Equities fell and bond yields rose, as the hawkish Federal Reserve (Fed) fears resurfaced before Wednesday’s FOMC decision.
The Fed starts its two-day meeting, and expectations are mixed. The Fed could call the end of the aggressive rate tightening and signal slower rate hikes to enter the final phase of policy tightening, before pausing.
So, we are at that point, where, after this week’s 4th consecutive 75bp rate hike, the Fed could hint at a 50bp hike in December. Then, the season finale would come with a couple of 25bp hikes in the first quarter of 2023, then a pause.
But there is a risk in there. The risk is, because investors are waiting in ambush for the Fed to soften its tone, any sign of a less hawkish Fed could send both the bond and equity markets rallying.
And that’s exactly what the Fed doesn’t want to happen. A broadly cheerful market rally would boost inflation expectations, and inflation. And inflation is nowhere close to the Fed’s 2% policy target.
Therefore, if we see a determined inflation warrior that is ready to send everything under the bus to fight inflation, then we could call the end of the latest bear market rally and expect fresh lows in this selloff cycle.
If however, Powell sounds reasonably hawkish, we shall see consolidation, with hope of further recovery.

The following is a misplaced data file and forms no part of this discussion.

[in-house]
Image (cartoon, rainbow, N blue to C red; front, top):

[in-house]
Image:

The S&P500 tests the 100-DMA to the upside for the first time in a month, and recovered around half of losses it made since the summer peak. Another selloff could send the S&P500 down to 3400 level, following an ABCD pattern since March.
Inflation that comes from nowhere
The Eurozone inflation hit a record high of 10.7% in October, versus 10.2% expected by analysts, and the European Central Bank (ECB) Chief Christine Lagarde said that inflation came from nowhere, ignoring a decade-and-a-half of aggressive bond buying that threw the foundations of the present spike in inflation, boosted by the pandemic, the war and a global energy crisis
The Eurozone yields spiked on expectation that higher inflation would mean higher ECB rate hikes in the future. But the euro didn’t gain, as currency traders priced in the rising recession fears that come along with the higher interest rates. The EURUSD is now back to testing its 50-DMA, and with investors broader moving back to the US dollar, to protect themselves against a hawkish Fed statement tomorrow, we could see the pair sink below the 50-DMA, which stands near 0.9890.
The Reserve Bank of Australia (RBA) raised the interest rates by 25bp as expected and said there will be more rate hikes, but the whole thing will depend on economic data… a similar blah blah to what we heard from the ECB last week. The AUDUSD gained, because the US dollar was softer this morning.
In Switzerland, the Swiss National Bank announced a 142 billion franc loss in the first nine months of the year; melting currency valuations, especially the melting euro, was to blame.
In precious metals, gold remains under pressure. The $1615 is the next important support. If the US dollar strengthens as a result of a sufficiently hawkish Fed statement this week, gold bears could pull out the $1615 support and tip a toe into the $1500s for the first time since April 2020.